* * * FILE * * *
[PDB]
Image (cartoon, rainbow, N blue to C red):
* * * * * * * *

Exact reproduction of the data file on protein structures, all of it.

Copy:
[PDB]
Image (cartoon, rainbow, N blue to C red):